I ride my bike where I need to go on those three days.  I am GREE_EEN, I’m an emerald in the rough.  Now I need a solar electrical system and I’ll be so snooty that nobody will be able to stand my green-ness.  I am proud to say that I sort my garbage.  I put the paper and cardboard in one bin, the glass in another bin, and the metal in another bin.  (I suspect that all these bins are tossed together into the dump but that’s not my responsibility now is it?)  That’s me, gree-een.

I am awaiting my medal of green-ness from Al Gore but he hasn’t been in touch yet.  I’d settle for a green schmuck of the year award from Rush but he’s too busy refilling his BIG GULP and gassing up his Hummer, and I’m not talking about fuel.  I’m not sure either of them are paying attention at all to my efforts so I may need to pen letters on some recycled elephant poop paper that my friend in Africa sent to me.  Yes, even my letter-writing is gree-een, greener than thou.

Blissful Day in Sacramento

Days like today are such a blessing.  Beautiful summer weather, little traffic to trifle with a middle-aged man on a bike in Midtown Sacramento.

And so I rode over to the bike shoppe and aired up my tires.  This particular bike shop is so great because I can wheel my bike right through the shoppe where all the white middle classers are buying Lycra shorts and graphite street racers they will use twice and sell on eBay because doing what Lance Armstrong does isn’t as fun as he makes it look.

Anyway, the mechanics at the shop are super friendly and come over to air up the tires for me with such a good attitude.  It’s enough to restore your faith in mankind.

I am free-wheeling now and while the ride is stiffer.  I feel the bumps more but I can glide like a greased pig on ice.  SWOOOOOSH.

I looked at rear view mirrors while at the shoppe to see what they would cost me.  A little pricey actually so I left it for now until the stimulus package starts to increase the income of us average people and not just the bankers.  I might need to continue looking over my shoulder for a while I think.

Next off to Pete’s Coffee for tea which sounds odd but they do serve both.  I had a nice large green ice tea.  At first it tasted like sticks swirled in water but the tattooed girl there assured me it was very healthy so I drank it all and after half of it was gone the ice had melted enough to dilute its bitter taste, or maybe my taste buds were more usd to the flavor.  Of course the bitterness could have come from the newspaper I read as I drank it.

Seems that California’s budget is pleasing to nobody and solving nothing.  I didn’t think that it was surprising, but apparently someone thought that the lawmakers would do something positive so it was news.

Next I walked my bike over to “The Gifted Gardener” a really nice shoppe in Midtown that sells gift items for the gardener.  Interesting shop with lots of good stuff.  I wanted to see if I could market some bulb baskets there – you know, the kind that serious gardeners plant bulbs in to keep gophers and moles from eating them.  I have a connection for free galvanized lathe and thought I could get into the basket business.  The woman there was nice, but said they don’t sell practical items like bulb baskets so they wouldn’t be interested.  Strike one.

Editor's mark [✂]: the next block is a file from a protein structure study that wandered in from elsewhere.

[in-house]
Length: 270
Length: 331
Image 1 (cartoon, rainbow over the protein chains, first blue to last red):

Later in the day after more riding and some power-walking and a quick walk through an art exhibit which was really interesting at the Verge Gallery, I ended up at Rubicon Pub drinking the best IPA in Sacramento.  I read the Sacramento News and Review which had a great article about a drunk driving tragedy in which some promising kids were killed after a day of rafting on the river.  It was an interesting take on the incident which has been intensely covered by the local media in lynch mob style.  The kid who drove received nearly 7 years in prison because two kids died and two others were injured.  The kid who wrote the article was one who was injured.

He wrote it from a perspective of forgiveness, not something that was heard in as the media helped lynch the kid who was driving.  I think it will fall on deaf ears.  Everyone wanted to demonize and hang the kid who drove but all the kids were drinking that day and the driver tested to a .09 level which while legally drunk in California isn’t staggering drunk, which is why all the kids in the car agreed to allow to him to drive in the first place.

It’s a tragedy multiplied a thousand-fold by lack of forgiveness.  It’s a tragedy compounded by anger.  It’s a tragedy in which the terrible sadness of the families led to more destruction than was necessary according to the young man who wrote the article.  He lamented the fact that instead of coming together and becoming closer, the families were torn apart by the tragedy.

I felt like I was listening to a letter from God about it.  It was so sad to hear this young man talk about his friend who drove and his friends who died and the terrible gaps that were left in his life and in the lives the families involved.

No doubt the kid should not have gotten behind the wheel, no doubt the families suffered beyond measure.  But how sad that love didn’t prevail for all the survivors.  How much better would everyone’s lives be if they had been able to come together and heal as the group he described that existed before the accident.

And this was the young man’s point in writing the article, it was an accident.  What happened was not murder.   In the end, lives were lost and other lives were wrecked and I sincerely doubt that anyone gained anything from the vengeance.